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Great-grandfather of Richard the Lionheart

Born: Selby, Yorkshire, 1068.

Parents: William the Conqueror and Matilda of Flanders.

Dynasty: House of Normandy.

Married: (1) Matilda of Scotland, November 11, 1100 (2) Adela of Louvain, January 29, 1121.

Children: Three legitimate. Notably William Adelin and Matilda (by Matilda) and twenty illegitimate children.

Succeeded: to the throne of England, August 2,1100.

Crowned: at Westminster Abbey August 5, 1100..

Authority: King of England and from 1106, Duke of Normandy.

Rule: 35years.

Died: Lyons-la-Foret, near Rouen, France. December 1, 1135.

Buried: Reading Abbey, Berkshire, England.

King Henry I

Biography of King Henry I 1100 – 1135

Henry I, also known as Henry Beauclerc, was born in 1068 in Selby, Yorkshire, England. He was the fourth son of William the Conqueror and Matilda of Flanders. His birth name was Henry, but he earned the nickname Beauclerc, meaning “good scholar” or “good clerk,” due to his love of learning and education.

Growing up, Henry was not expected to inherit the throne. His older brothers, Robert Curthose and William Rufus, were both considered more likely candidates. However, when William Rufus was killed in a hunting accident in 1100, Henry seized the opportunity and claimed the throne for himself.

Henry was crowned King of England on August 5, 1100, at Westminster Abbey. He quickly set about consolidating his power and securing his position on the throne. One of his first acts as king was to marry Edith, the daughter of Malcolm III of Scotland and Margaret of Wessex. Edith changed her name to Matilda upon marriage, and the union strengthened Henry’s ties to Scotland.

Henry was a skilled politician and diplomat, and he worked hard to maintain peace and stability in his kingdom. He reformed the justice system, introducing new laws and establishing a network of royal justices to enforce them. He also strengthened the royal administration, creating new offices and appointing trusted advisors to key positions.

One of Henry’s greatest achievements was his successful military campaign in Normandy. In 1106, he invaded Normandy and defeated his older brother Robert Curthose at the Battle of Tinchebray. Henry captured Robert and imprisoned him for the rest of his life, securing his hold on the duchy of Normandy.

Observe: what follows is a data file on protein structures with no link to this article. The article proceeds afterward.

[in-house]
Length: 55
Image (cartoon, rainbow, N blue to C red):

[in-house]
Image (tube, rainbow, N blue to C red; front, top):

Henry was also a patron of the arts and sciences. He sponsored many scholars and writers at his court. He was particularly interested in law and government, and he encouraged the development of legal and administrative texts.

Despite his many successes, Henry’s reign was not without its challenges. He faced several rebellions, including one led by his own nephew, Robert of Belesme, in 1102. Henry also had to contend with the ongoing conflict between the English and Welsh, which he tried to resolve through diplomacy and military force.

Henry’s personal life was also tumultuous. His marriage to Matilda was not a happy one, and they had no children. In 1120, Henry’s only legitimate son, William, was killed in the White Ship disaster. Henry was devastated by his son’s death, and it is said that he never fully recovered from the loss.

In his later years, Henry became increasingly concerned with securing the succession to the throne. He had no legitimate heirs, and he feared that his nephew, Stephen of Blois, would try to claim the throne after his death. To prevent this, Henry made the barons and bishops of England swear an oath of loyalty to his daughter, Matilda, and he arranged for her to marry Geoffrey Plantagenet, the Count of Anjou.

Henry died on December 1, 1135, at the age of 67. He was buried at Reading Abbey, which he had founded in 1121. His death sparked a power struggle between Matilda and Stephen, which eventually led to the period of civil war known as the Anarchy.

Henry I, Beauclerc, was a remarkable king who left a lasting legacy on England. He was a skilled politician and diplomat who worked tirelessly to maintain peace and stability in his kingdom. He was also a patron of the arts and sciences, and he played a key role in the development of legal and administrative texts. Despite the challenges he faced, Henry’s reign was marked by many successes, including his military campaigns in Normandy.

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